“I think so many more people are staying here year-round,” she said. “Now 12 months of the year we have people looking for their new partners. I get hundreds of messages from people who are shopping for anything from a trail riding horse to an upper-level event horse, which is nice because the horses we get have a pretty wide range of abilities coming into the program.”

Incubator (pictured), a 7-year-old gelding by Stephen Got Even, was recently adopted from New Vocations' Florida facility |Katie Petrunyak

The first horse arrived at New Vocations' Ocala site in October of 2021. Ranger Up (First Samuari) had been competing at the claiming level at Gulfstream Park throughout 2021 when he was purchased by a collaborative group that joined forces to retire the gelding. Starlight Racing and Spendthrift Farm, who originally purchased Ranger Up as a yearling in 2017, as well as breeder Stone Farm, partnered together to ensure his retirement and reached out to New Vocations about donating him to their program.

“At the time we were just finalizing everything with Erin, so he was able to be our first horse in Florida,” Ford said. “It was cool that the first horse that came through was actually purchased to be retired by prominent people in the industry doing the right thing by the horse.”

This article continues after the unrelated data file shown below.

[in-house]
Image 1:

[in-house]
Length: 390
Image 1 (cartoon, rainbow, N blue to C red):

“Starlight has bought horses for retirement in the past, but this one was brought to our attention by Stone Farm, who bred the horse,” said Starlight Racing Founder Jack Wolf. “We partnered with them and Spendthrift to retire him and send him to New Vocations. I'm excited for everything that New Vocations is doing and how well the horses turn out from there. We've been sending them horses for 20 years and are big supporters of their program.

Ranger Up thrived in his retraining and was recently adopted. Two additional horses have already completed the program and gone to experienced homes while several more are making progress in various stages of rehab and training and will be available for adoption soon.

“Before we officially open a facility, we will go through the training process with a few horses to go over how we run everything,” Ford explained. “We've already developed some new relationships with trainers and owners in Florida who we have never received horses from before. I think that once we get the word out that we're here and able to take horses, we will meet even more new people who might not have known this was an option.”

For information on donating a horse to the Florida facility or supporting its efforts, visit newvocation.org/donate_a_horse, call (859) 252-9574 or e-mail [email protected]